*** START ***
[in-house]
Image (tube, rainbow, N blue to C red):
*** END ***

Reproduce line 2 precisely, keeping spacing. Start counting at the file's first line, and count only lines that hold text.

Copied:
Image (tube, rainbow, N blue to C red):